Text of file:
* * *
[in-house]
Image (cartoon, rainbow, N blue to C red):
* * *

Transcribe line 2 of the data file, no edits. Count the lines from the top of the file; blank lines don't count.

Image (cartoon, rainbow, N blue to C red):